Answer: That was something unique to Stargate so, no, I can’t see that entering the Dark Matter universe. Still, corporations would certainly see mass-produced Blink Drives as a threat if their rivals had sole possession so they probably would seek out counter-measures.

“Although the Code Geass reference likely flew over some peoples heads with the eye thing, you know when Truffaut transferred info to Three about the prison layout(early Season 2). Any plans to progress that technology she’s using some more?”

Answer: The corps will have more than a few tricks up their sleeves this upcoming season.

“Could you ever see Four using a Naginata?”

Answer: Absolutely.  FOUR trained her in both hand to hand combat and blade work.

Das writes: “You’re a writer, so explain to me why I fall for mistreated, misunderstood, and/or abused (male) characters? Mind you, they can’t be snivellers, no, no, no…rather they have to strong and determined to overcome whatever cards life deals them. (This goes back to my childhood, watching A Fistful of Dollars, and the moment Clint Eastwood had to heal and fight back after he was beaten to a pulp. This happened a lot to Eastwood in his various westerns…and I watched a lot of westerns back in the day. lol.) There must be some psychology behind it…one writers are well aware of.”

Answer: It’s the dichotomy of the vulnerable yet capable anti-hero.  In a way, they reflect the very best and worst in us, individuals who must come obstacles greater than we would ever have to face, yet manage to persevere and reach heights greater than we could ever hope to attain.

“I need that guy in Dark Matter. Will I see him? (Three showed promise in this regard last season (2.11) – can we beat him up some more…? lol.)”

Answer, Yes, THREE is definitely your guy.  We’re going to put his through the wringer this season.

“I would like more intrigue and mystery in S3 – will I get it?”

Answer: Oh, yes.  Keeping with Dark Matter’s tradition of twists, turns, shocks, surprises – and some pretty astounding revelations.

“I really miss your more personal, less work-related, entries…especially the funny ones about your misadventures and misfortunes. You make me smile (and laugh!) when I read them, usually right when I need it most. Will we get more of those in the future?”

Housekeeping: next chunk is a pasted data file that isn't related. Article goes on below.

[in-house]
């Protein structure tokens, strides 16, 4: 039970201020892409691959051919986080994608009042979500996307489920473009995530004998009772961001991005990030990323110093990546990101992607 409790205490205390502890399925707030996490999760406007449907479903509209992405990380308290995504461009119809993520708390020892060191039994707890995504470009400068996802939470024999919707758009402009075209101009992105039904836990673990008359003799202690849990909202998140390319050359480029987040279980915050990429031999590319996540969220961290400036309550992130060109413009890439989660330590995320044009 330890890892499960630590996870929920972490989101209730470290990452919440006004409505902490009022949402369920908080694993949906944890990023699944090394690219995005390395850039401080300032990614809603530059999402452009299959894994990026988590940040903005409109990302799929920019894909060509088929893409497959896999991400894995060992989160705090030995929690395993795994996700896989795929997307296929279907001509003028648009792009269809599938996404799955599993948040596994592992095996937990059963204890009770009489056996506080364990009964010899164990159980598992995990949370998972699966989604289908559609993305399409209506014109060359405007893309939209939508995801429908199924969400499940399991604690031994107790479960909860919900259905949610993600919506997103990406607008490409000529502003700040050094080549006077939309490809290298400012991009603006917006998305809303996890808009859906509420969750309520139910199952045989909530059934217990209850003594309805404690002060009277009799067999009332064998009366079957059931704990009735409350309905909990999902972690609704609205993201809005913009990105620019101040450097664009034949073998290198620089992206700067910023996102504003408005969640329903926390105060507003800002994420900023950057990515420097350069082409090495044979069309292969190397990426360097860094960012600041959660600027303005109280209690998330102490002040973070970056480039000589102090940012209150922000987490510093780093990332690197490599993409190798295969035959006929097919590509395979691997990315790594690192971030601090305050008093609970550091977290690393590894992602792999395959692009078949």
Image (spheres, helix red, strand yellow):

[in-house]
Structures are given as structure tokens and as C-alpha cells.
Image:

Answer: Yes.  Weekdays, I’m going to feature the show and, weekends, I’m going to focus on my personal life.  And the dogs.

“Have you ever considered dropping drama to take up writing a comedy show?”

Answer: Nope.  Like StargateDark Matter offers me the best of both worlds: drama with heavy doses of humor.

“How about writing a humorous novel? Perhaps it could be about blogging, and readers coming out of the woodwork to pester you about their personal preferences?”

Answer: I don’t have the patience to write a novel.  “Downfall”, the short story I wrote for Masked, the anthology of superhero fiction edited by Lou Anders, took me 9 months to write – and paid approximately 1% of a script fee.  It was an incredibly satisfying experience but I’m not sure I’m up to a larger commitment.

“Miss me?”

Answer: As a matter of fact – yes!

Annie Wauters writes: “I would like to offer to put on a class for your female cast/crew. ”

Answer: That’s very kind of you to offer.  This is something I would have to take up with them once production wraps.

Keith writes: “Out of the main shows that you’ve worked on (SG-1, SGA, SGU, T———-, DM), which one would you say has given you the most creative freedom from higher up executives (whether or not that’s a bad thing)?”

Answer: Definitely Dark Matter.  Executive Producer and Prodigy Pictures President Jay Firestone has created a dream environment which allows me to tell the stories I want without having to compromise my vision.

“Is this the season where we finally find out more about the mystery guy in the hospital bed from the end of Season One?”

Answer: Check out Episode 310.

bambamfans writes: “Does Toronto have a great taco place?”

Answer.  Yes.  Toronto has the best taco place I’ve ever visited – Campechano.

“I’m not sure if you can say, but are the main characters separated throughout the first episode?”

Answer: It’s a good bet that whoever makes it off that space station will be separated from their fellow crew members -and have to find a way back to The Raza.

“Will me see any costume changes in the main cast for Season 3?”

Answer: Yes.

Len Weaver writes: “You’ve often remarked that Dark Matter has a planned 5 year arc… what if the powers that be ask for a 6th season?”

Answer: Heh.  That would be a question for them.